Consequently, not only is the present elected-committee truly representative in character with 2 SC students, 1 ST & 1 OBC student, and 2 women students, but 5 out of 8 state committee office-bearers have already worked with- and for- each other during the elections (as opposed to against each other), and I’m confident that this spirit of cooperation would translate into an efficient- and effective- working of the student organization as a whole.
I believe that there are three important lessons to be learnt here, especially for those in other states where similar intra-organizational elections are being held: one, candidates must go directly to the electorate & as far as possible, dispense with the services of middlemen; two, they must work as a team, and the bigger & more representative the composition of their teams, the better; and three, the deployment of resources- TV & newspaper ads, SMSs, hoardings, glitzy pamphlets, Parker pen-sets and other miscellaneous gifts- and the outright purchasing of votes is, at least as far as student politics in Chhattisgarh is concerned, still no match for good old fashioned word-of-mouth publicity, personal relationships and most importantly, selfless team work.
Twins of Student Politics
I’ve already advocated elsewhere that students ought not to get involved in general politics; they should restrict themselves to addressing issues that directly concern them. This would, in my opinion, broadly consist of two things: Education & Employment.
Truth be told, the plight of Education- and especially, higher education- in Chhattisgarh is pathetic. For instance, in the past 5 years, the incumbent state government has opened no less than 5 universities (3 of them on the same date): not one of them is operational; for all facts and purposes, they exist only on paper. Not one person- not even a peon- has been appointed despite 1900 vacant posts for teachers; not one brick has been laid anywhere; Vice Chancellors simply lounge about their bungalows in Raipur with no work to do. Students have nowhere to go; there is no one to teach them. The Indian Medical Association (IMA) recently found the state government’s arrangement to setup a Medical College at Jagdalpur wholly unsatisfactory, and refused to accord it recognition. (Contrast this to the Hidyatullah National Law University (HNLU), which has recently been voted as the top law institute in the country by Outlook, and the State Institute for Medical Sciences (SIMS) at Bilaspur. Both were setup by my father’s government.)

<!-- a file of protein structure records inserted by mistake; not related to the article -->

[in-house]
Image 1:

The Universities Grant Commission (UGC) has long before sanctioned funds for all the above, but they remain unutilized despite numerous reminders & even one stern warning threatening to take back the funds if not utilized immediately. Likewise, although an Indian Institute of Management (IIM) at Raipur has been sanctioned by the Union Ministry of Human Resources Development (HRD) during the last Budget, the state administration is yet to provide land for the same. Not only that, a Vice Chancellor who has been found guilty of embezzling ten million rupees meant for education by no less an authority than the Principal Secretary of the Higher Education Ministry of the state government, is allowed to go scot free only because of the geriatric-gentleman’s deep connections with the RSS-outfit, Vishva Hindu Parishad (VHP).
As far as private professional colleges- dental & engineering- are concerned, the excessive “donations” charged by them make it all but impossible for local students to find admissions. There ought to some kind of statutory quota for them backed, if necessary, by subsidies & grants. Computer literacy and English must be made compulsory at the school-level.
Most significantly, efforts must be made to directly link Education to Employment. After all, what good is education if post-graduate students from Chhattisgarh have to earn out a living as manual laborers in Mumbai & Delhi? It is my firm belief that the state government, given its dismal track record, should refrain from itself opening professional colleges; rather it should prevail upon other entrepreneurs- especially, those setting up major industries and power stations in the state- to not only open professional institutes but also give students jobs after they’ve graduated. This would be beneficial both for the students as well as for the companies concerned. Likewise, wherever possible, derelict government school buildings should be handed over to private parties, who would no doubt run them more efficiently.